December 8, 2022
For the past five years, researchers have been carefully counting all the degrees, certificates and badges available for people to earn in the U.S., a figure they say now totals 1,076,358.
And for the past five years, some observers have scratched their heads about this enumeration endeavor and asked … why?
The effort, run by the nonprofit Credential Engine, marked its half-decade this week with a virtual convening to describe its latest research report and a reception in Washington, D.C., to celebrate its anniversary. As an afternoon of Zoom presentations gave way to an evening of conversations over cocktails, the purpose and potential of all that tallying came into focus.
More than two dozen states now partner with Credential Engine, using the Credential Transparency Description Language it developed to assemble, sort through and better understand their education and workforce data. And some state governments are applying this system to help their residents directly. For example, a leader from the New Jersey Department of Labor and Workforce Development explained during the webinar how her state is creating a digital search tool that lets people select among all the credential options available to them, sorting by occupation, program location and graduate outcomes.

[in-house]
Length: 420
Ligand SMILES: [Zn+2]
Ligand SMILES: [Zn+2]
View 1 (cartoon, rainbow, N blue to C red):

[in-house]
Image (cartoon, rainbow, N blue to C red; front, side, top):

The growing uptake is a sign that more policymakers and officials appreciate the importance of creating more transparency in the education “marketplace,” leaders at Credential Engine told EdSurge during interviews at the nonprofit’s reception on Dec. 7.
“This is the right thing to do for your students,” said Scott Cheney, the CEO of Credential Engine. “It’s crazy that it’s easier to search for, compare and select a hotel room or a used car online than it is to make an informed decision” about which postsecondary credentials to pursue.
Still, advocates leading different but related efforts to make higher education and workforce training programs better for participants and employers have different ideas about what transparency really looks like when it comes to credentials. A few told EdSurge that they would like to see the credential-counting effort address deeper questions.